The hosting and maintenance supplier have also benefited from the foundations put in place by developer during Alpha and there are clear processes in place to handle unexpected downtime. There is also constant monitoring of the site through datadog and pingdom and there is a team within the new supplier dedicated to monitoring security threats who will carry out quarterly vulnerability checks. The database is backed up nightly and is hosted with a provider that have a very high level of availability, there are also systems in place to prevent against accidental deletion. All of this will ensure the robustness of the site and any changes are tested on a list of agreed devices.
As requested at the Beta assessment a full accessibility audit has been completed and the team have worked to make all the changes required. It was encouraging to learn that most of the changes required were to the back end of the system as the developer built the site using a CMS which already has very high accessibility standards but that accessibility was still being looked at in the widest sense with the HRA team noting that they were using a user-needs approach to find a new location for the pop-out ‘Glossary’ as its current location had been highlighted as an accessibility issue.
The team have also made a considerable effort to ensure that they have tested the site with the full range of users, including those with lower levels of digital literacy but noted there was limited evidence of these individuals needing to use the site independently. Where user testing has been possible the team have used the outputs to improve the script that operators of the central HRA support line have access to should someone call needing assistance. The panel were pleased to hear that this had been tested with the team listening in on some practice assisted digital calls.
Design and Content
As reviewed in Beta, the HRA website is exempt from gov.uk and therefore not required to be fully compliant with the gov.uk design patterns. However, the panel were impressed to hear how the website re-development project has prompted the organisation to think more holistically about its use of the internet and developed an HRA-wide style guide to improve consistency.
In addition the team have put in place a robust governance structure that benefits both from a project board that has representatives from the whole organisation and the functionality of the CMS which allows the team to control what editing and publishing permissions different members of the HRA organisation have. Having reviewed the documentation supporting this structure, the panel believe that it should ensure that maintenance of the content quality is sustainable and protect against a future situation where a full re-build of the site is required.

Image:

The panel were impressed with the amount of progress that had been made by the team in planning for continuous service performance monitoring between the Private Beta assessment and the Live assessment. The team have agreed KPIs that focus on:
- the number of people visiting the site
- the bounce rate
- the average time people spending on the site
- the number of queries to the HRA mainline relating to not being able to find the answer to a particular question on the site.
Google Analytics is being used to review performance against these KPIs (except the calls to the mainline) and these are being reviewed monthly by the communications team. Where these is evidence of users getting ‘lost’ or ‘stuck’ with a particular part of the site, the team have plans in place to review why this is and add any necessary changes to the suppliers backlog. Full progress will then be reported to the project board quarterly and, after noting the high level of organisational inLet me erest in the site, the team are investigating the possibility of building a performance dashboard that all staff can access.
In addition, it was noted by the panel that the team had acted on the site’s dependence on IRAS noted in the Private Beta assessment and taken action to make closer links with service owners of IRAS e.g. the providers of ‘does it need ethical clearance?’ and ‘is it research?’ decision tools to ensure relevant information is correct and consistent across all sites and that all the links are both accurate and working.
The panel recommend that the team continue to maintain these links so that plans to develop IRAS can be embedded in HRA’s long term service improvement plan and necessary changes to the website are made in the right sequence.
DH have been consistently impressed with the HRA team’s dedication to making a site that applies the principles of the service standard. They have considered this product from the aspects of all potential users, making it fully accessible and supported. They chose their suppliers carefully and as a result have built a site to their intended scope and budget. The team have also made great strides in increasing product development skills within their organisation and have upskilled in user research, which will allow them to continue to develop the site based on user needs. The site has also been built in such a way, and governance is in place, that it can be owned and updated by the HRA and this puts the organisation in a great position for the future.
I would like to commend all the team’s hard work and wish them every success in the future.